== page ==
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Horrendous India!
A parade of façade in verbal codes!

It is foretold! The torrential flow of inexorable destiny!

4. Why English?

Why Macaulay strove to bring in English as the medium of education to India should be understood from this background. Moreover, there is another issue that may need some explaining. Once English came to the Indian educational scene, British classical writings also slowly entered into the mainstream education. Such writers as Charles Dickens, Sir Walter Scott, Oscar Wilde, R L Stevenson, Arthur Conon Doyle and so many other English writers were to become household names among the English educated class over here, over the years.

Even though it would be argued that the local land had a great literary legacy, the fact is that the local literary traditions were more or less reflective of the extremely draconian feudal social system in the society. When one says the words feudal and draconian etc. the understanding one may get would be comparable to the English feudal social system. However, the fact is that the local feudal system was quite different from the English feudal system, and had no component of refinement or intellectual bearing in it. It was purely oppressive and existed on human suppression by means of demeaning words and usages.

Reading the writings of the British classical writers was a very enlightening experience for the local educated persons. Yet, they simply were quite small in number, and also due to their newly acquired intellectual bearing, could only exist in the social system as different individuals, standing apart from the purely feudal-intelligent local person.

For conveying to the local man, the difference that English makes in a man was not possible. For, they lived in another world, where the complete social logic was different. The local social logic was simply to suppress the lower man.

Any attempt to give the lower man a leeway to improve was stark idiotism, for he would surely come on top and suppress the benefactor. For, he also understood the social code in that manner. A man who gave knowledge, information, technical skills, technological information, opportunity to learn and develop etc. to another individual, who is essentially a social competitor, is seen as an idiot and nitwit by the Indian society. For, no sane person would do that. Only the English individuals and the English nations have been so foolish, in the whole history of mankind.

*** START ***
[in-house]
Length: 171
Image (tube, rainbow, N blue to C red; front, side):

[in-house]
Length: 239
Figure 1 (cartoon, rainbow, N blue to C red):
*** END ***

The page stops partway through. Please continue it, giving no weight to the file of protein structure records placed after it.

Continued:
English classical literature was literally transporting the local man to a higher plane of social living and interaction. Even such novels as Oliver Twist, which ostensibly shows the negative sides of England, were writings that showed a higher human individuality than could be conceived upon a local man of whatever social status. The ability to read such books was a capacity to internalise something purely divine, ethereal and totally an outside-this-world experience.

To a limited extent, it must be admitted that the English-educated Indian could have irked the English man. For, they rose above the others, and could strive to claim equality with the British. They would want this connection desperately, to ward off the claims of equality from the other un-educated Indians.

The British who lived in this geographical area were quite aware of the power of impact that the different levels of words had. For example, the power of impact of the word Nee (lowest You), as against that of Ningal, Thangal (Sar) etc. Similarly the crushing power of the word Aval (lowest She), as against the words Ayaal and Avar/Adheham.

This eerie reality was quite beyond the comprehension of the stay-at-home Britons. They conceptualised on this geographical area in a manner similar to that in England. It was an intellectual error of astronomical proportions.

For, it was to lead to an intellectual understanding that the British rule in India was harming the local populace. Actually, it was doing the reverse, to the vast majority of people here. Again, it must be stressed that there was a painful side to the development that was being extended to the lower class people here. It was more or less sidelining the higher class people, who were in most cases the higher caste also. For in those days, it was quite difficult to differentiate between caste and class. Higher caste had higher levels of refinement and less crudeness, in verbal and non-verbal codes and gestures, at least amongst themselves. This sentence cannot be explained easily in English, for again the crudeness has to be explained in the context of the crudeness in the words and its meanings and sound.

The issue here was: The same lower caste/class people who would, the moment they become higher, trample those who had gone under them with snubbing and crushing verbal codes, were being lifted up above the higher castes. It so happened that in some areas, the lower castes enjoyed the English education that grew up in the liberal English atmosphere of the British rule. For example, my own caste people in a place called Tellichery got a never-before-in-history opportunity to study in a school and learn good English. This caste was a lower caste group, with all its crudeness. This crudeness was more or less inflicted on their own people by such words as Nee, Chekkan, Pennu, Oal (Aval), Oan (Avan), Ayittingal (Avattakal) {them folk; lower word) and such words. Moreover, to those they did not give respect, naturally the mood was to be taunting and disgusting.

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